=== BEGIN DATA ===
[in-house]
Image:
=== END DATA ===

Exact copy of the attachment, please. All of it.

[in-house]
Image: